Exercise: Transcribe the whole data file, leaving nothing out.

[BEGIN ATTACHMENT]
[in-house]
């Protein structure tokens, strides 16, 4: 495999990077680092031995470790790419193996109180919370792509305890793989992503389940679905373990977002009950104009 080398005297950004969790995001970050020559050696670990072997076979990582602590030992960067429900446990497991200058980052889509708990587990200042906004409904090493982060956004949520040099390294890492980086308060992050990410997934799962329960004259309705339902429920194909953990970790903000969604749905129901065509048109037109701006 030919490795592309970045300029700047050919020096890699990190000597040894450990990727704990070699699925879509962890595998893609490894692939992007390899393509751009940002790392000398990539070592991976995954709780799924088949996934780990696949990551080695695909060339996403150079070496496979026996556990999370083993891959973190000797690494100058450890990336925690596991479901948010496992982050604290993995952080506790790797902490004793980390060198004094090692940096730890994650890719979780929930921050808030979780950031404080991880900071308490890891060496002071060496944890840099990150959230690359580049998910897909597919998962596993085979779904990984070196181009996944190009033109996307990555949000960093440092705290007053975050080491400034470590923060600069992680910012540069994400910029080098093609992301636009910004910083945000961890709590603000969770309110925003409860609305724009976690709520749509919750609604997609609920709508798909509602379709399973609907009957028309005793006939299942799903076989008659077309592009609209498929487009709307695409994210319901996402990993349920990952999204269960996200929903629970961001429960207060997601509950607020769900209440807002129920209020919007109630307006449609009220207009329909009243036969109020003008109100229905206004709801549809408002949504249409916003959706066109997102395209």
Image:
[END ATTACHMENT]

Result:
[in-house]
């Protein structure tokens, strides 16, 4: 495999990077680092031995470790790419193996109180919370792509305890793989992503389940679905373990977002009950104009 080398005297950004969790995001970050020559050696670990072997076979990582602590030992960067429900446990497991200058980052889509708990587990200042906004409904090493982060956004949520040099390294890492980086308060992050990410997934799962329960004259309705339902429920194909953990970790903000969604749905129901065509048109037109701006 030919490795592309970045300029700047050919020096890699990190000597040894450990990727704990070699699925879509962890595998893609490894692939992007390899393509751009940002790392000398990539070592991976995954709780799924088949996934780990696949990551080695695909060339996403150079070496496979026996556990999370083993891959973190000797690494100058450890990336925690596991479901948010496992982050604290993995952080506790790797902490004793980390060198004094090692940096730890994650890719979780929930921050808030979780950031404080991880900071308490890891060496002071060496944890840099990150959230690359580049998910897909597919998962596993085979779904990984070196181009996944190009033109996307990555949000960093440092705290007053975050080491400034470590923060600069992680910012540069994400910029080098093609992301636009910004910083945000961890709590603000969770309110925003409860609305724009976690709520749509919750609604997609609920709508798909509602379709399973609907009957028309005793006939299942799903076989008659077309592009609209498929487009709307695409994210319901996402990993349920990952999204269960996200929903629970961001429960207060997601509950607020769900209440807002129920209020919007109630307006449609009220207009329909009243036969109020003008109100229905206004709801549809408002949504249409916003959706066109997102395209």
Image: